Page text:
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by: Kavon Huel


Kavon Huel
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Class Notes
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This 24 page Class Notes was uploaded by Kavon Huel on Friday September 18, 2015. The Class Notes belongs to BCH 6744 at University of Florida taught by Staff in Fall. Since its upload, it has received 24 views. For similar materials see /class/206967/bch-6744-university-of-florida in Biochemistry and Molecular Biology at University of Florida.

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Date Created: 09/18/15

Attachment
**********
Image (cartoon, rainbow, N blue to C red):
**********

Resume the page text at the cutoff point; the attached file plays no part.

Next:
L 2 Sample preparation Before crystallization rst stepmost important Points to consider check list 1 Sequence 2 Stability 3 Solubility 4 Purity 5 Quantity DEEDS Lecture 2 1 Sequence amino acid composition Flexible Glycine Hydrophobic Alanine Valine Phenylalanine Proline Methionine Isoleucine Leucine Cysteine Disul de bridges Lecture 2 2 2 Stability conditionstime Find a stabilization buffer Ideal buffer water let the protein buffer itself Rare to live in ideal world Use the minimum amounts buffers salts etc The protein has to be stable in the crystallization drop until it forms crystals Ideal goal 2 weeks Stability is effected by the environment Lecture 2 3 Solubility The more soluble the protein the more likely it is to crystallize Myoglobin 1955 Kendrew Lsozyme Phillips Hemoglobin Perutz Real world 10mgml And then membrane proteins Lecture 2 4 4 Purity Nothing can be too purelllll 95 try 99 really What it takes Detection SDS gel electrophoresis silver stain Don t run sample off the gel Lecture 2 5 Quantity Crystallography can be soul destroying Need a concentration of 10mgml A trained person A single condition DROP will require a minimum of Zul Sul of sample Hence 100 conditions ONLY DONE ONCE will use up 02 ml of sample 2mg 1mg 50 conditions Robot Requires 06 ml 6 mg to test 96 X 16 conditions 1536 Person 31 ml 307 mg Lecture 2 6 Lyophilization Avoid lyophilization of your protein for storage if you plan to use the protein for crystallization experiments Also don t concentrate it Lyophilization is a not so gentle procedure and can prevent crystallization So don39t go there If you have a lyophilized protein is there hope Should solubilize the protein in water or a stabilization buffer dialyze the protein exhaustively Dialysis is an important step which will help to remove residual nonvolatile buffers and reagents as well as low molecular contaminants Lecture 2 7 Sample aggregation Deterrent to crystallization Detection Dynamic light scattering Native gel electrophoresis silver stain Common Causes Hydrophobic patches on the surface Differently charged isoforms Differently phosphorylated isoforms Mixtures of methylated and nonmethylated samples Glycosylation Electrostatic interactions Lecture 2 Two types of aggregation Heterologous contamination Where the sample is aggregating with other proteins In the case of heterologous contamination further puri cation of the sample should be seriously considered Lecture 2 9 Autologous aggregation Where the protein is aggregating with itself Remedies Molecular biology Manipulate intra and inter molecule interactions by modifying the sample sequence alter add or delete residues Consider a fusion protein Remove Cterminus or Nterminus Truncate domains Remove Histag Chemical additives Manipulate samplesample and sample solvent interactions Detergents Alcohols isopropanol methanol ethanol etc Salts sodium chloride potassium chloride sodium uoride etc Polyols glycerol PEG 400 etc Ligands inhibitors cofactors and metals Lecture 2 10 Other suggestions Use temperature to prevent aggregation 0 C and 60 C Centrifugation or ltration Last hope Mixing the sample with the crystallization reagent allowing the sample to incubate for 15 minutes centrifuging the samplereagent mixture removing the precipitate and setting the drop with the supernatant Lecture 2 ll Proteases Proteases can also be trouble causing cleavage of the sample Talk to Prof Ben Dunn Remedy Add a protease inhibitor Protease contamination can be carried over from isolation and puri cation of the sample Lecture 2 12 Protease Metalloproteases Inhibitor Chelators like EDTA and EGTA bestatin amastatin thiol derivatives hydroxamic acid phosphoramidon Protease Aspartic Acid Proteases Inhibitor Pepstatins and statin derived inhibitors Protease Cysteine Proteases Inhibitor Thiol binding reagents peptidyldiazomethanes epoxysuccinyl peptides cystatins peptidyl chloromethanes Protease Most Inhibitor DEPC Protease Serine Proteases Inhibitor Trypsin inhibitors leupeptin boronic acids cyclic peptides DIFP PMSF Pefabloc aminobenzamidine 34dichloro isocoumarin chymostatin Lecture 2 13 The presence of fungal or microbial contamination in your sample or reagents with subsequent release of proteases from these organisms Remedy Include sodium azide or thymol Deterrent to microbial growth which prevents the possibility of microbial agents growing and secreting proteases into the sample solution Typically add lmM sodium azide Note Sodium azide and thymol can sometimes bind the sample are toxic and in some cases do not live well with heavy atoms Our Lab Rather clean workspace sterile ltered samples and reagents good technique prevents microbial contamination Lecture 2 l4 However Proteolytic modi cation of proteins can be a tool for making small active fragments of proteins which might have enhanced solubility characteristics compared to the native protein which in turn might make the protein more amenable to crystallization Lecture 2 15 Nucleases Problems Modi cation of size charge or hydrophobicity partial or total loss of activity or utter destruction of nucleic acids Dif cult to detect even on overloaded electrophoresis gels Damage can be during puri cation concentration and storage Remedies Include a nuclease inhibitor in the prep or sample to protect the sample from ribonuclease and deoxyribonucleases Inhibitors RNasin from Promega ribonucleaosidevanadyl complexes and DEPC Inhibitors of deoxyribonucleases include DEPC and chelators such as EDTA or EGTA Lecture 2 l6 Reducing Agents Oxidation can lead to nonspeci c aggregation heterogeneity inactivity or denaturation of protein Remedy Reducing agents are substances that cause other chemical species to be reduced or gain electrons In order for reducing agents to cause the gaining of electrons on some other chemical species they must undergo oxidation and prevent the oxidation of free sulihydryl residues cysteines in proteins Also glove box Examples Dithiothreitol DTT betamercaptoethanol betame and Tris2CarboxyethylPhosphine Hydrochloride TCEPHCl Concentration range of 1 to 10 mM in the crystallization drop Lecture 2 l7 Crystallisation improvements of samples examples Site directed mutagenesis Recombinant DNA technologymeans to make speci c changes in a protein sequence Systematic approach of improving crystallisability by changing hydrophobic to hydrophilic residue eg HIV integrase Davies Science 1994 255 19811986 Alterations of protein and RNA sequence to obtain a more stable complex eg U1A proteinRNA complex Outbridge JMB 1995 249409423 Lecture 2 18 Fusion proteins Carrier protein introduced into an internal position of a target protein Carrier protein soluble single compact domain crystallisable N and C close together no disulphide bonds easily cloned and eXpressed larger than target protein eg Introduction of the E coli Cytochrome b562 into lactose permase membrane protein Prive Acta Cryst D 1994 50375379 Lecture 2 l9 Complexes with antibodies Proteins of interest are complexed with Fab fragments Concept same as fusion proteins eg P24Fab complex Kovari Structure 19953z12911293 Odd result Improvement of crystal lattice contacts by mutations eg Glutathione reductase Ecoli Schulz Acta Cryst D 1994 50 228231 Double mutation gtgtCrystals grew 40 times faster than for native protein Lecture 2 20 Finally questions to ponder about YOUR sample C Does a similar sample exist and has it been crystallized 0 Does the sample contain free cysteines Q Does the sample contain additives such as sodium azide ligands inhibitors or substrates 0 Is the protein glycosylated C Is the protein phosphorylated C Is the protein Nterminal methylated C At what temperature is the protein stable 0 How does sample solubility and stability change with temperature 0 How does sample solubility and stability change with pH C Does the sample bind metals 0 Is the protein sensitive to proteolysis Q What class of proteinNA am I working with antibody Virus enzyme membrane protein Lecture 2 21 Q What has been the most successful approaches with my class of protein C What is the source of the sample 0 How was the sample puri ed and stored before it arrived into my hands 0 What is in the sample besides the sample buffer additives etc 0 Is the sample pooled puri cation aliquots or a single batch Q How much sample do I have and how much more is available 0 How pure is the sample 0 How homogeneous is the sample 0 Does anyone possess any solubility information on this sample C What is unique about this protein 0 What is necessary chemically and physically to maintain a stable active sample Lecture 2 22 Last thought Never never never see protein puri cation as a separate event from crystallization It should be seen as a continuous process Crystallization is the nal step in puri cation Lecture 2 23 Assignment In half a page note form Think about the questions above and write a pro le that might help you crystallized YOUR sample Lecture 2 24